Company Profile: Forest City Gear

Forest City Gear continues to excel at producing world-class gears after 50 years at its Illinois facility.

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People may say Forest City Gear has its ‘head in the clouds’ these days since some of the gears for the Mars Rover ‘Curiosity’ were manufactured at their facility. Forest City Gear produced 75 different types of gears for the nuclear-powered Curiosity, which recently touched down on Mars. Curiosity will spend several weeks in tests before it begins a two-year surface exploration to search for signs of life, while studying geology and other scientific research.

Forest City Gear also made gears for both the Spirit and Opportunity rovers that were launched in 2003. Opportunity continues to roam the Mars surface, but Spirit became stuck in position in 2009 and stopped working in 2010.

While the Mars projects demand a lot of international attention, they are only a small part of Forest City Gear’s $10 million to $12 million annual revenue, but this year the company is on pace to reach $18 million in sales. Wendy Young, President of FCG, says while the company now has gears on another planet, the company’s roots remain firmly planted.

Forest City Gear is a family-owned business where gears are the corner stone and excellence is the daily ambition. Young says achieving world-class gear quality is the result of the company’s investment in machines, employees and systems. FCG delivers value and satisfaction for its many customers. Gears for printers, telescopes, tractors, aircraft, defense and medical devices are manufactured for demanding specifications to customers around the world.

“We are definitely a family-owned business,” Young said. “Stetler and Evelyn Young founded Forest City Gear in 1955. Fred (their son and now CEO) worked under his parents’ tutelage for many years. After graduating from college and completing military service, he returned to the company. Fred assumed control of FCG in the late 1960s. With young children no longer at home, I came on board full time in 2003. Today we have three adult daughters, all of whom are involved in the company at various levels of participation. Our youngest daughter is on the support staff team and serves as the company photographer. Our middle daughter is our Human Resources Director. As a young girl, she picked up trash from the grounds and was assigned various sundry small jobs. Before our oldest daughter and her husband started their family, she was also employed. Her husband Rustin began his gear industrial career at FCG, and is now the Vice President of Manufacturing. So yes, we are a family business with ties to our local community.”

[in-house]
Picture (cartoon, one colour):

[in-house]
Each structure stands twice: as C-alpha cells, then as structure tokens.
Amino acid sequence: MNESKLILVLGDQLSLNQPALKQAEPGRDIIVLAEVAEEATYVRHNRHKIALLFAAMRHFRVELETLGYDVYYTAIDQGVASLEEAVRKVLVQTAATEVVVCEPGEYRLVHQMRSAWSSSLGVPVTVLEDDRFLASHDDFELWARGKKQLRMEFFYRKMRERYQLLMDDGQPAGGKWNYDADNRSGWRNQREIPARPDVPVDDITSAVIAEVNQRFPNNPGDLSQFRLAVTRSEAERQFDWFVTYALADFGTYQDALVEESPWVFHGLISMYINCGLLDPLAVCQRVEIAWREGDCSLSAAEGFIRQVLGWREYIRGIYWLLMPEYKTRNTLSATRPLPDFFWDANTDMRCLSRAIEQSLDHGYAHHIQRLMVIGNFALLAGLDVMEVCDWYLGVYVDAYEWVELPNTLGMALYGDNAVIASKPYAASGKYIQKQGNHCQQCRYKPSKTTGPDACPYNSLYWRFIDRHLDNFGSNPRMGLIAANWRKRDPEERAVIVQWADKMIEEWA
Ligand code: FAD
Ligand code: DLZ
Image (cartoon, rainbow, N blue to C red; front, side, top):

The community is important to Forest City Gear. FCG considered relocating to a new site near the Wisconsin/Illinois border about five miles from its current location to take advantage of tax breaks and incentives, but the citizens and government officials convinced the company to stay.

“The village of Roscoe offered us favorable incentives and has been gracious beyond what we expect from a government entity.” Young says. “We had been looking at Wisconsin because of the tax advantages and lower workers’ compensation rates, but our hearts are here and the village met us more than halfway. It’s an honor to be recognized by our own village.” With the decision to stay, Forest City Gear also announced plans for expansion and a new division of FCG named in honor of the village they call home — Roscoe Works.

“In middle September we will break ground for an 8500-square-foot facility that will house our blanking department.” After many months of deliberation, FCG purchased its first lathe. It had always been the company’s belief that FCG should have one area of concentration and to be the best it can — cutting gears. With increasing costs, long lead times (some as far out as 14 to 16 weeks), and ongoing quality issues, company leadership believed it was time to address this segment of vertical integration. Today, there are six pieces of turning equipment and eight employees dedicated to the new department. Along with those additions, however, there is less gear manufacturing floor space, and working conditions are quite close with overcrowding. “Our goal is to be operational in the new facility before year end,” Young said.

With today’s demand, the lathe department at FCG cannot meet the demands of its own FCG customers, and will be investigating additional machine purchases for 2013. Along with increased business came a shortage of storage space.